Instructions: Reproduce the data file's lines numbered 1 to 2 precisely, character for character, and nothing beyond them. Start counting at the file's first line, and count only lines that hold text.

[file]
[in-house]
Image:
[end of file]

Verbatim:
[in-house]
Image: